1.UK – FinTech
Monzo Bank finds large footprints come at a cost in times of crisis. AltFi reports:
“Digital bank Monzo may see a nearly a 40 per cent drop in its valuation as it seeks its latest round of fundraising.
The latest suggested valuation places the fintech at about £1.25bn, a huge step down from its £2bn valuation it received in June last year following a £113m Series F raise.
Despite the drop in valuation, AltFi understands Monzo was able to attract both new and existing investors for the raise.
In early April it was confirmed that Monzo’s founder and CEO Tom Blomfield would be forgoing his salary for the next 12 months and top executives would take pay cuts to ensure that their staff still received their salaries.
2. UK - FinTech
3. UK – FinTech
“The investment platform has now hit over £5m from more than 5000 investors and has now set its sights on a £7m crowdfunding target.
According to Freetrade, the £1m initial target was reached in just over four and a half minutes after having raised an additional £3m from existing shareholders.
With Freetrade, customers can buy stocks in the likes of Amazon, Greggs, Tesla, Fevertree and Apple and can use an ISA to invest up to £20,000 per year in a tax-efficient account.”
4. UK – Equity
“When contemplating taxefficient investments it is important to understand the similarities and, indeed, the variances between delivering advice on mainstream investing and issuing client recommendations to utilise unquoted early-stage stocks.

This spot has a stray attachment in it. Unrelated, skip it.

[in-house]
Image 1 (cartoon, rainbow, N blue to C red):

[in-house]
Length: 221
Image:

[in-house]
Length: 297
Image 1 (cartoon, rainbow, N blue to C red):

One of the key differences to contemplate, and a key understanding that should be imparted by any good manager in the tax-efficient space, is that of the investment process. For example, how does the manager identify investment opportunities, what are those opportunities and what timescales are likely when it comes to deploying funds into those investments?
Most managers in this space will likely source investee companies from a myriad of places, possibly including academia, corporate advisers, accountants, professional introducers, incubators, etc.”
5. US – FinTech
“Although certain Fintech firms may be dealing with a funding freeze or they may be generating lower revenues, the UK’s financial technology industry most likely won’t experience as many problems due to COVID-19, when compared to other sectors. This, according to a recent report from research firm Beauhurst.
The research study by Beauhurst reveals that about 22% of UK-based Fintech jobs may be under immediate or moderate risk of being lost because of the Coronavirus crisis.
Although this may potentially have serious consequences, it’s still only a small fraction of the estimated 61% of jobs currently at risk in the UK, as tracked by Beauhurst’s database of the country’s 28,000 most innovative or promising startups.
The percentage of Fintech jobs at risk is also significantly lower than the 40.7% of early-stage tech startup jobs that may be lost due to the pandemic.
Job security for Fintech professionals may be greater than other sectors because there’s a reduced risk of these businesses falling apart during these challenging times. That’s because most Fintech services are offered completely online, so these companies don’t normally require a physical presence to serve customers.
Only 3% of UK-based Fintech service providers are at “high risk” due to the COVID-19 outbreak, according to Beauhurst’s study. This figure is considerably lower than the estimated 17% of “high risk” jobs in the nation’s larger startup ecosystem.”